Researchers from Bond University’s School of Hotel, Resort and Tourism Management have received federal government funding to investigate how coastal communities can adapt to the potential impacts of climate change.
According to principal researcher and Associate Professor of Tourism Management, Dr Mike Raybould, the study is particularly timely in the wake of Cyclone Yasi and other extreme weather events experienced along the Australian coast in recent months.
“Coastal areas are already subject to natural patterns of erosion and storm-related damage,” said Dr Raybould.
“With rises in sea level and increased coastal development, the effects of these events will be greater.”
“Through our research project, we will be creating a suite of tools and templates that will allow coastal Councils, associations, recreational groups, relevant industry sectors and even individual businesses to develop procedures for recovering from and adapting to the devastation caused by more frequent events like Cyclone Yasi.”
Other practical outcomes from the project include a classification system to identify and put a value on beach and surf ‘assets’, in terms of the economic, social and environmental benefits they bring to a region.
“The tools and templates developed through the study will be relevant and available to all coastal communities around Australia and could be equally applied internationally,” said Dr Raybould.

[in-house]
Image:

“As such, this is a landmark project that has the potential to position Australia as a leader in coastal climate change adaptation.”
The project has received $400,000 funding under the National Climate Change Adaptation Research Plan: Marine Biodiversity and Resources which is administered by the Fisheries Research and Development Corporation and Department of Climate Change and Energy Efficiency. Additional monetary and in-kind support has also been provided by the Griffith University Centre for Coastal Management and the Sydney Coastal Councils Group.
The funding further strengthens Bond University’s research portfolio which has grown significantly following on from a record $4.2 million in research grants secured over the past 12 months.
”This is an exceptional result for a comparatively small university and is testament to the high quality experience and international standing of our research academics,” said Bond University Vice Chancellor, Professor Robert Stable.